The empirical version of the \(\text {ROC}(t)\) is a discrete function derived from the placement values \(\mathcal {S}_{1}\subseteq \{0, 1/{n_{1}}, \dots , ({n_{1}}1)/{n_{1}}, 1\}\) and \(\mathcal {S}_{0}\subseteq \{0, 1/{n_{0}}, \dots , ({n_{0}}1)/{n_{0}}, 1\}\). The empirical AUC is a sum over rectangles of width \(1 / {n_{0}}\) and height \(\hat{S}_{1}({\hat{f}}(\varvec{x}_{{0},i}))\) ([19], p.106):
Equation (1) is the empirical analogue of the expectations of the placement values, i.e. \(AUC = E(S_{1}(f(\varvec{x})))\). The term \({\hat{f}}(\varvec{x}_{{0},i})\) is the score of the estimated statistical model for the negative output \(\varvec{x}_{{0},i}\). The empirical AUC is a function of the empirical survivor function \(\hat{S}_{1}\) evaluated at the score values for all negative outputs \(\varvec{x}_{{0},i}\).
The empirical AUC is equivalent to the MannWhitney Ustatistic and inherits the respective distributional properties. For a sufficient large sample of \(n_0\) and \(n_1\), it converges to the normal distribution.
CI for the empirical AUC
CIs are calculated following [6]. The variance of the empirical AUC is determined by:
An asymmetric confidence interval which guarantees values within the interval (0,1) is derived from a symmetric confidence interval for logit AUC \({\textsf{ci}}_\alpha \left( \textsf{logit}({AUC})\right)\) using the \(\textsf{logit}^{1}\) transformation (p 107, [19]):
The term \(\Phi ^{1}\) denotes the quantile function of the standard normal distribution. The term of the standard error is a direct consequence of the application of the delta rule to logit(AUC).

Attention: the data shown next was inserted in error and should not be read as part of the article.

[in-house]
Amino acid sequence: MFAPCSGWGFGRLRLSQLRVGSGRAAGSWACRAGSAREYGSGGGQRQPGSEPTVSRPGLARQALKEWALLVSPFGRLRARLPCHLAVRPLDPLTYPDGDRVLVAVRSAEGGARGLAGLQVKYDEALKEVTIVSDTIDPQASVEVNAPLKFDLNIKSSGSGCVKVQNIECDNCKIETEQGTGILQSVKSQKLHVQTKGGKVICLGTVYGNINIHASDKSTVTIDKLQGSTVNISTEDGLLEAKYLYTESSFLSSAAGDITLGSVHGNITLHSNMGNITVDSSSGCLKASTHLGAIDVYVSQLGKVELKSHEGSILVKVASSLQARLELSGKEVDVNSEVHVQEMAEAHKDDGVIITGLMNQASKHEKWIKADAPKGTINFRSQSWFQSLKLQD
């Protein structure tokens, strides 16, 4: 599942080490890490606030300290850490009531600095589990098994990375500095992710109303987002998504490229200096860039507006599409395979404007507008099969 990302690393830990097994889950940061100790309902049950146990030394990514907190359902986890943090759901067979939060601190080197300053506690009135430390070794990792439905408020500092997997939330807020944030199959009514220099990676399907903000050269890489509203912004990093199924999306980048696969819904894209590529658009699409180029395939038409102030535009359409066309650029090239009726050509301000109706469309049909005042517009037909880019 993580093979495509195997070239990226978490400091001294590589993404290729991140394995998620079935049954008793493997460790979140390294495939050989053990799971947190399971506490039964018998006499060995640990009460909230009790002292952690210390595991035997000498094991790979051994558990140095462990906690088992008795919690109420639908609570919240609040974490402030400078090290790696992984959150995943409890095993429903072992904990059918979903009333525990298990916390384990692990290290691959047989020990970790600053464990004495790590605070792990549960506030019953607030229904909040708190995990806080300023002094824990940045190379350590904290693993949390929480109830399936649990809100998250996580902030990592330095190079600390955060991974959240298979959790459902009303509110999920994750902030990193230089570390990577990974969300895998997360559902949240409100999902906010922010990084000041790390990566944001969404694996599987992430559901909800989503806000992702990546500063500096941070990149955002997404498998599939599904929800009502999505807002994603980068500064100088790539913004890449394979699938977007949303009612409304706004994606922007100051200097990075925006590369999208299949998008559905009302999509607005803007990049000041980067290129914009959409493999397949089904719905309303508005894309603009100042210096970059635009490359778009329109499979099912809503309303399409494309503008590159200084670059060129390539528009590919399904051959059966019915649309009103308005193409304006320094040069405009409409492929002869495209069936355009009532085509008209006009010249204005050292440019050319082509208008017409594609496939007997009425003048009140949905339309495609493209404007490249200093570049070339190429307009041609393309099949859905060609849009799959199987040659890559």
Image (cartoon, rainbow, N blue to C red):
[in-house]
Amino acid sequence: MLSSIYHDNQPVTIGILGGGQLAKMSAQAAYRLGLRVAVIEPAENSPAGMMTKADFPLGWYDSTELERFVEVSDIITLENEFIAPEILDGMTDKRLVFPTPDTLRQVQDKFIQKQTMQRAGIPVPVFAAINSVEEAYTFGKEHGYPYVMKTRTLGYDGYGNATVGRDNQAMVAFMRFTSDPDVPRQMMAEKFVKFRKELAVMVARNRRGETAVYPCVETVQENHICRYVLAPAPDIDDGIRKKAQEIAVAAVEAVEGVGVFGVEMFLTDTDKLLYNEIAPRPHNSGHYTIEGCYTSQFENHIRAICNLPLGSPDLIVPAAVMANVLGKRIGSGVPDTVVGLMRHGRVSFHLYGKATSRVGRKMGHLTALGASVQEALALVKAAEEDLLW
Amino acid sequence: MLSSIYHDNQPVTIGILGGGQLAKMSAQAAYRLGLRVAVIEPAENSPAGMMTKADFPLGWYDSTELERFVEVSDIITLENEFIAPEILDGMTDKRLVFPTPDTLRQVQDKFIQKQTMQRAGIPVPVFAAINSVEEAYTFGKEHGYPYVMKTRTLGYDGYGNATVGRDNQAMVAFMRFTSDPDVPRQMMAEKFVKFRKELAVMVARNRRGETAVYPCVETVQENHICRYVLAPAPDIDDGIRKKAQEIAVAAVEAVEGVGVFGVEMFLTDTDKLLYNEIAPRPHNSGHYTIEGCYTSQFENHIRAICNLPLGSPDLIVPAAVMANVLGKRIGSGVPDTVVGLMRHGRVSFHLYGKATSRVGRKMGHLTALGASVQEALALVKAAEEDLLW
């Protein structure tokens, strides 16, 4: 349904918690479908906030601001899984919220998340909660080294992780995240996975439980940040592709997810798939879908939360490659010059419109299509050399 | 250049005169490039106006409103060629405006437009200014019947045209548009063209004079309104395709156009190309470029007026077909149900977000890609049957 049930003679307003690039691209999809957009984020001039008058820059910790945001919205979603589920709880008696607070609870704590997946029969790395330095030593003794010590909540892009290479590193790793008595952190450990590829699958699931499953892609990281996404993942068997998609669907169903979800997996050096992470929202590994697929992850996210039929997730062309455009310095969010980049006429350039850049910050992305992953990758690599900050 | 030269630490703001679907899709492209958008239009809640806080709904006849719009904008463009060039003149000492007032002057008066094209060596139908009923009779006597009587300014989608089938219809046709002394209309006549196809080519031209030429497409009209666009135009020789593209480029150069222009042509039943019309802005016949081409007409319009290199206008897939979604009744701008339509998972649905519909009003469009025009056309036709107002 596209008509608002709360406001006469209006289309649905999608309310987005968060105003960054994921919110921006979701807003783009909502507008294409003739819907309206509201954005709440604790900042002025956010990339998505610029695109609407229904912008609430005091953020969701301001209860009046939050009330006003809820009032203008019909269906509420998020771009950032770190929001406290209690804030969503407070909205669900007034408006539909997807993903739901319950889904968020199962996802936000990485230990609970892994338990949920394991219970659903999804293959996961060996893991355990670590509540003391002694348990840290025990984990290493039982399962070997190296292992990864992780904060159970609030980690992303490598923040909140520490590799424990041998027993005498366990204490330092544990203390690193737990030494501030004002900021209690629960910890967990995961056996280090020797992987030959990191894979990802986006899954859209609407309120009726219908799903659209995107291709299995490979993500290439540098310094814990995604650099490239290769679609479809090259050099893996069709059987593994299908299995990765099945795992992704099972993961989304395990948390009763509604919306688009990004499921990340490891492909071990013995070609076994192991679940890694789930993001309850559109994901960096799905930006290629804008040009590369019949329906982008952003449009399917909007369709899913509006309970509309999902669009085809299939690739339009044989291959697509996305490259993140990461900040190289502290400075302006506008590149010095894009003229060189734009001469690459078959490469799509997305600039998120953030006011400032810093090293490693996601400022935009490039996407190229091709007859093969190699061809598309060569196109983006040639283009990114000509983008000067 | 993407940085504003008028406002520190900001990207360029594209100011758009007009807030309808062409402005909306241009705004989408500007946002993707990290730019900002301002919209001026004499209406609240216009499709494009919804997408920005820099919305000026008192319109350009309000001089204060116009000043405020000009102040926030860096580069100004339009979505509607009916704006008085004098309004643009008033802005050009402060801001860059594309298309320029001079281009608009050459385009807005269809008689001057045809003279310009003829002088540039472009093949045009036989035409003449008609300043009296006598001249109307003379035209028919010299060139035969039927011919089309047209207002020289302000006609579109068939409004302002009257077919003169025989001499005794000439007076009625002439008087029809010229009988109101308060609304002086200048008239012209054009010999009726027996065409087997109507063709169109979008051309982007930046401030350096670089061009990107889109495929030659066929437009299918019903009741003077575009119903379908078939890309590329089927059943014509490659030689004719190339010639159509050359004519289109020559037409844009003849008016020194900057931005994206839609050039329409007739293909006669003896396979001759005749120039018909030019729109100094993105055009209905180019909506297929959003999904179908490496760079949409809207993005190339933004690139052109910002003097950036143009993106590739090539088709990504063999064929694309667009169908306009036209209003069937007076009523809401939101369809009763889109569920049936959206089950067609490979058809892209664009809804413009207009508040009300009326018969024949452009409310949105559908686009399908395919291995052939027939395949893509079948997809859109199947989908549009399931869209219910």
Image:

Statistical testing can be conducted based on that CI. For example, the hypothesis \(H_0: AUC \le a_0\) vs. \(H_1: AUC > a_0\) with a significance level of \(\alpha\) can be tested by checking whether \(\textsf{logit}({a_0}) < a\), \(\forall a \in \textsf{ci}_{\alpha }\) to reject \(H_0\).
The ROCGLM
The ROCGLM interprets the ROC curve as a GLM ([19], Section 5.5.2): \(\text {ROC}_{g}(t  \varvec{\gamma }) = g(\varvec{\gamma } h(t))\), with link function \(g:\mathbb {R}\rightarrow [0,1], \eta \mapsto g(\eta )\), coefficient vector \(\varvec{\gamma }\in \mathbb {R}^l\), and covariate vector \(h: \mathbb {R}\rightarrow \mathbb {R}^l, t \mapsto \varvec{h}(t) = (h_1(t), \dots , h_l(t))^{\textsf{T}}\). In general this estimator is not unbiased (see for example Appendix A.6).
Estimating the ROCGLM uses an intermediate data set \(\mathcal {D}_{\text {ROCGLM}} = \{(u_{ij}, \varvec{h}(t_j))\  \ i = 1, \dots , {n_{1}}, j = 1, \dots , n_T\}\) with covariates \(\varvec{h}(t_j)\), a set of thresholds \(T = \{t_1, \dots , t_{n_T}\}\), and binary response \(u_{ij}\in \{0,1\}\), \(u_{ij} = \mathbb {1}_{(\hat{S}_{0}(\mathcal {F}_{1, i}),\infty )}({t_j}) = \mathbb {1}_{(\infty ,\mathcal {F}_{1, i}]}({\hat{S}_{0}^{1}(t_j)})\). The simplest ROCGLM uses the twodimensional vector \(\varvec{h}(t)\) with \(h_1(t) = 1\) and \(h_2(t) = \Phi ^{1}(t)\). Setting the link function to \(g = \Phi\) results in the binormal form \(\text {ROC}_{g}(t\varvec{\gamma }) = \Phi (\gamma _1 + \gamma _2\Phi ^{1}(t))\). It is equivalent to a probit regression with response variable \(u_{ij}\) and covariate \(\Phi ^{1}(t_j)\). A common strategy for choosing the set of thresholds T is to use an equidistant grid.